Wednesday, September 21, 2005

Robert Alter

I love Robert Alter's note, commenting on this place in Genesis, (Gensis: Translation and Commentary p.28 note 5) "Man's evil heart is pointedly meant to contrast to God's grieving heart (the same Hebrew word) in the next verse." The same idea comes out in Jeremiah 9, not only that God grieves, but also the contrast between God and man..."Let not the wise man glory in his wisdom, let not the mighty man glory in his might, let not the rich man glory in his riches; but let him who glories, glory in this, that he understands and knows me, that I am the Lord who practices mercy, justice and righteousness in the earth, for in these things I delight." God's practices are in sharp contrast to man who "proceeds from evil to evil...heaping oppression upon oppression and deceit up on deceit and "refuses to know me, says the Lord."

Tuesday, September 13, 2005

It Grieved Him to His Heart: Genesis 6:6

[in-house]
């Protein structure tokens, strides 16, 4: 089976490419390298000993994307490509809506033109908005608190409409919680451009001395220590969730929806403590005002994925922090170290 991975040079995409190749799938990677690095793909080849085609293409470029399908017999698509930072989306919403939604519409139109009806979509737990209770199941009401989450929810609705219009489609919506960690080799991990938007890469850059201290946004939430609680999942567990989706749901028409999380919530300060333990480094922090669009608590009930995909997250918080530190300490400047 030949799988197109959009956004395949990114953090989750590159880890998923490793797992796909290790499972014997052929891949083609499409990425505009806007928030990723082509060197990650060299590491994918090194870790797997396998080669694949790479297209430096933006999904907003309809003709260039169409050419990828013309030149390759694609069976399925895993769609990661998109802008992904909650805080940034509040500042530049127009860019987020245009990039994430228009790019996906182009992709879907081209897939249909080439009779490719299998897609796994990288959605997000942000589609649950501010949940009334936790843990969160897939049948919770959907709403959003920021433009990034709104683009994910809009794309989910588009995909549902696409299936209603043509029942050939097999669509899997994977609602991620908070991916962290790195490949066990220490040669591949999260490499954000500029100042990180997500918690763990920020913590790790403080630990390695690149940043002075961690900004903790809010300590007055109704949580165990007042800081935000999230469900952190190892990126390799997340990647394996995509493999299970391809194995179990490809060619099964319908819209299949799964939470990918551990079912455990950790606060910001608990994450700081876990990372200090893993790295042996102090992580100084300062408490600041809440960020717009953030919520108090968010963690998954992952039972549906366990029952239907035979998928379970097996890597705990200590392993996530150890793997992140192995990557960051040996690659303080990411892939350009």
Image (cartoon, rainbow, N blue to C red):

It is only relatively recently that theology has been able to cast off some of its philosophic shackles and admitted the plain sense of the text: God grieves. We see this even more dramatically in Jeremiah 9 where God says "O that my head were waters, and my eyes a fountain of tears, that I might weep day and nigh for the slain of the daughter of my people!" It continues, " O that I had in the desert a wayfarers lodging place that I might leave my people and go away from them." It has been justly asked whether the speaker is the prophet or God himself, and in my opinion, here in Jeremiah, it could be either. However, when we come to the gospels, we see Jesus going off into the desert for a time alone after the death of the John the Baptist at the corrupt hands of Herod. In other words, Jesus Jehovah fulfills this word in Jeremiah. When he goes off into the desert, it is to weep for the slain, it to grieve for the wickedness of his people.